What does a patchbay do? | The Basics


A patchbay allows multiple pieces of audio equipment to be easily connected in different combinations. The inputs and outputs of a studio’s microphone inputs, preamps, mixing console, outboard gear, and audio interfaces can all be connected to the back of a patchbay patched in any order with small patch cables on the front panel.

The History of Patchbays

Patchbays originated in telephone switching stations, where operators would manually connect analog telephone lines via patch cables on a large panel of jacks. In fact, the mini-TRS connector used on many patch cables is still called a Tiny Telephone connector. As recording studios started incorporating more and more equipment, patchbays were adopted as a way to facilitate easy connections.

Behringer Ultrapatch Pro PX2000 48-Point TS Patchbay

Types of Patchbays

Patchbays come with varying amounts and types of connections and are suited to different tasks. Rear connections can be anything from common XLR and TRS jacks to bare-wire solder points or multichannel D-sub connectors. Front-panel jacks are usually ¼-inch TRS or Tiny Telephone sizes, but other types exist as well. There is even a digital patchbay which makes all its connections internally, controlled by software.

ART P16 XLR Patchbay

Normalization of Connections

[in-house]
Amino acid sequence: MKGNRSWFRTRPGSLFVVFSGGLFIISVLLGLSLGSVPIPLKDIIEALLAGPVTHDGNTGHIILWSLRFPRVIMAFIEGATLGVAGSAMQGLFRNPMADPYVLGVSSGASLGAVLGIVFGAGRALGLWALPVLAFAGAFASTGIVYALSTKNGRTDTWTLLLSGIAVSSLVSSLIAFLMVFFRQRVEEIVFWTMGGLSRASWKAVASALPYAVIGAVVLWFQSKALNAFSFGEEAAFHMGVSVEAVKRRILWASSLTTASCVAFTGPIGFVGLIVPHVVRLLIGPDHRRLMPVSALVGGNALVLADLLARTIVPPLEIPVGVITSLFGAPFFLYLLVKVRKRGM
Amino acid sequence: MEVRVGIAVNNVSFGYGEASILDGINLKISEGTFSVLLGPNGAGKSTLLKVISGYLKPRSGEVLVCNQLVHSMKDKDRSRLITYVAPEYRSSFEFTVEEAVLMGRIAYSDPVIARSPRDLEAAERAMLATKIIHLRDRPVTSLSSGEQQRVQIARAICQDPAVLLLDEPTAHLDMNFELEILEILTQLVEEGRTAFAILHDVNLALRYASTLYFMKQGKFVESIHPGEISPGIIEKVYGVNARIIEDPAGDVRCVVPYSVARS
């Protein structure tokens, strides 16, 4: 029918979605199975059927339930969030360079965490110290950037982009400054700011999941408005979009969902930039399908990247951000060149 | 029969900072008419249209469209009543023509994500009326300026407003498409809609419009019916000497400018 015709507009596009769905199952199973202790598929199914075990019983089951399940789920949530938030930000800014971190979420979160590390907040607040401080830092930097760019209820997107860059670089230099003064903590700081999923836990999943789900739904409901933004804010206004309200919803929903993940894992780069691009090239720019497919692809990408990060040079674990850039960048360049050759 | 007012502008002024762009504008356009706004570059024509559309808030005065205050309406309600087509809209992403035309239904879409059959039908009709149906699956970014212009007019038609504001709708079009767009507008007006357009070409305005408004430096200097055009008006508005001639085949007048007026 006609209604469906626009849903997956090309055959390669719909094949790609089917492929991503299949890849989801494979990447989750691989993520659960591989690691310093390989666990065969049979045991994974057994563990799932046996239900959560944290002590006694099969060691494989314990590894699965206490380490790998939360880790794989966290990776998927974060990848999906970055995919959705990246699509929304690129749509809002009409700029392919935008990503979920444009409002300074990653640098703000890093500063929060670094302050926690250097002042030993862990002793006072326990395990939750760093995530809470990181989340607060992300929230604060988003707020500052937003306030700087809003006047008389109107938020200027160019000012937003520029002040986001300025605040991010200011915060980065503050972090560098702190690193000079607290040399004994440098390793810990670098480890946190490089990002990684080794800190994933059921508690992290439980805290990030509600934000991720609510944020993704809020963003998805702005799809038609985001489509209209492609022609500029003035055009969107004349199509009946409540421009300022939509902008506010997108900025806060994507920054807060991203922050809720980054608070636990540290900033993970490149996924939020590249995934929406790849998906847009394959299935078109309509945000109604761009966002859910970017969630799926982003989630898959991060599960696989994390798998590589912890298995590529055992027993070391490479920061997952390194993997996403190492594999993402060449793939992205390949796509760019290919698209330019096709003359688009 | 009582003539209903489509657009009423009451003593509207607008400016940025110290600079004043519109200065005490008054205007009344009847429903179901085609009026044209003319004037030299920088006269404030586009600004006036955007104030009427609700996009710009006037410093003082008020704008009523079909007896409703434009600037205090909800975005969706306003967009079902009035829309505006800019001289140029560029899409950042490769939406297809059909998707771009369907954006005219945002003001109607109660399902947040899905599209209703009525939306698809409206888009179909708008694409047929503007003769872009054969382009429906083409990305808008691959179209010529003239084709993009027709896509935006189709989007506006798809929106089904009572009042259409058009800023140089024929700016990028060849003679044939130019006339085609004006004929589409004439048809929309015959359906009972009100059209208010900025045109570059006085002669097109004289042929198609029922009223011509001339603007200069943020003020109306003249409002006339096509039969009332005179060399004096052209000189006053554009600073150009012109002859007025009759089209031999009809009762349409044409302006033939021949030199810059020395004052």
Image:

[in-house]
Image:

A key feature of patchbays is their ability to permanently connect equipment so that a patch is only required when a different routing is needed (ex: a microphone line normalled to a console channel that can be routed to an external preamp instead). This is done through internal connections, of which there are several types:

Boredbrain Music Patchulator 8000
8 Channel Mini Patchbay
  • Fully Normalled means that an output jack is automatically routed to the corresponding input below. The connection is broken if a cable is inserted into either jack.

  • Half Normalled connections link patch points together just as when normalled, except the connection stays intact when a cable is inserted into the output. This allows a signal to be split and sent to two destinations.

  • Mults (signal multipliers) are groups of connected jacks that allow a signal to be split and sent to multiple locations simultaneously. The analog signal strength is reduced with each split, however, requiring more amplification later.

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